Single-Cell Millifluidics: a yet overlooked potential for single-cell research

Single-Cell Millifluidics: a yet overlooked potential for single-cell research

Microfluidic technologies, using chips and cartridges with channels < 100 µm in width, have been all the craze in recent years and imposed themselves as a method of reference for single-cell analysis. However, narrow channel sizes and tiny reaction volumes are not always optimal conditions to work with, depending on the goal of your studies. The automation of millifluidic devices, this time using channels 1 mm wide, presents an alternative with strong advantages and the technology has moved forward with the recent development of devices such as the Millidrop Analyzer. We discussed all things millifluidics with Dr. Arthur Goldstein, who recently graduated from the ESPCI in Paris with a Ph.D. that included the study of the dissolution of phosphate particles by natural soil samples.


The main advantage of single-cell millifluidics lies in its easier droplet handling

With the rise of microfluidics, turning back to millifluidics could initially sound counter-intuitive, as larger droplets mean using fewer samples and lower screening efficiency.

“What you lose in screening power, you gain in usability”, explains Goldstein. “The larger the drop, the easier it is to identify. In millifluidics, each drop is identified with a number, and you can consistently monitor multiple parameters, whether they are kinetic, enzymatic, or growth curves for each droplet over time.”

“Millifluidics is the great compromise between the number of droplets, their identification, and the easy handling of those droplets.“

Using 96-well or 384-well plates, millifluidic platforms can handle hundreds to thousands of samples in parallel, but each drop can be handled individually, for example in the initial composition of each droplet or the addition of specific reagents at a certain time.

A strong advantage of the millifluidic scale is the ability to recover droplets of interest. If a droplet developed a microorganism, a strain, or a cell type with a particular phenotype or triggering a phenomenon of interest, you can easily retrieve the specific droplet for further sequencing, culture, or any downstream analysis. Droplets of interest can be dispensed in a 96-well plate and directly retrieved by hand from each well.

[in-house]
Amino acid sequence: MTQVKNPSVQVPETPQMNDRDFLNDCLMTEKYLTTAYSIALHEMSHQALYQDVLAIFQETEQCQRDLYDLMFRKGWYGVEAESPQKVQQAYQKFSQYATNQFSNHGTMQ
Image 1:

As a bonus and in contrast to microfluidics, millifluidic devices can be used by a technician with no special training, with the newest systems qualified as “plug and play”.

Investigating a simpler way to select a few unique cells to analyze from a large sample? Have a look at this elegant solution researchers at the university of technology of Sydney have developed using etched hydrophobic chips to selectively perform scRNA-seq on fetal cells.


The millifluidic advantages of larger channel and droplet sizes

Thanks to the larger channel size, millifluidic devices usually do not require surfactants, meaning it reduces the risk of micellar transfers between droplets. For example, some fluorescent probes would be less likely to diffuse in the oil phase and/or disseminate into other drops, contaminating samples.

Millifluidic machines can also easily insert air bubbles in-between sample droplets, providing essential resources such as oxygen for the metabolism of micro-organisms or cell sub-types such as organoids, which is trickier on microfluidic chips.

Millifluidics droplets are regularly mixed, usually through friction against the channel, meaning their content is more homogeneous droplet-wide compared to microfluidic flow cells.

In terms of read-outs of activity, some fluorescent probes might be hard to detect at the microfluidic scale under the microscope, while the increased signal at the millifluidic scale makes this much easier.